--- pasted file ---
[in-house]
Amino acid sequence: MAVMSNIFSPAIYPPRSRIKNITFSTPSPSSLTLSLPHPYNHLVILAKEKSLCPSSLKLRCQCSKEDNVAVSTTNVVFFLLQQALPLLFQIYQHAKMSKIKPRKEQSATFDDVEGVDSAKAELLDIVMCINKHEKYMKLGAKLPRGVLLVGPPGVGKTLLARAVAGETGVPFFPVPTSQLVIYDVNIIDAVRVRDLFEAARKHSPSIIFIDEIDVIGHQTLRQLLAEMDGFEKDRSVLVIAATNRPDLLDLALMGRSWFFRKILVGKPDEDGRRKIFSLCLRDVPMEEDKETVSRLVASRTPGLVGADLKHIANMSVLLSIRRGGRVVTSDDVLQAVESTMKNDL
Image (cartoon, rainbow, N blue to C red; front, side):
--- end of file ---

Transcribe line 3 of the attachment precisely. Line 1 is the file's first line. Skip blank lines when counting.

Image (cartoon, rainbow, N blue to C red; front, side):